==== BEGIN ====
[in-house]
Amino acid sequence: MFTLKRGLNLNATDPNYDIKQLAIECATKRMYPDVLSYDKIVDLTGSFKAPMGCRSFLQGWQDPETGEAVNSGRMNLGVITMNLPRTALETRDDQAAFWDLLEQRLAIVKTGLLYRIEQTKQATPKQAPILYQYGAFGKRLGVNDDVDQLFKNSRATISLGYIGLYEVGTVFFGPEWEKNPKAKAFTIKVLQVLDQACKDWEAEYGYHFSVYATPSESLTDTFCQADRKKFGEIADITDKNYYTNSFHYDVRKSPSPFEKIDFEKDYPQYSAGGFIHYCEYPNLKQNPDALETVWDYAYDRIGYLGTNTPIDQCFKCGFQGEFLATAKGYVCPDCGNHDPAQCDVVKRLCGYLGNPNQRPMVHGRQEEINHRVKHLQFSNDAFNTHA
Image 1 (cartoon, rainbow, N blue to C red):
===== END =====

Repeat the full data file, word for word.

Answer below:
[in-house]
Amino acid sequence: MFTLKRGLNLNATDPNYDIKQLAIECATKRMYPDVLSYDKIVDLTGSFKAPMGCRSFLQGWQDPETGEAVNSGRMNLGVITMNLPRTALETRDDQAAFWDLLEQRLAIVKTGLLYRIEQTKQATPKQAPILYQYGAFGKRLGVNDDVDQLFKNSRATISLGYIGLYEVGTVFFGPEWEKNPKAKAFTIKVLQVLDQACKDWEAEYGYHFSVYATPSESLTDTFCQADRKKFGEIADITDKNYYTNSFHYDVRKSPSPFEKIDFEKDYPQYSAGGFIHYCEYPNLKQNPDALETVWDYAYDRIGYLGTNTPIDQCFKCGFQGEFLATAKGYVCPDCGNHDPAQCDVVKRLCGYLGNPNQRPMVHGRQEEINHRVKHLQFSNDAFNTHA
Image 1 (cartoon, rainbow, N blue to C red):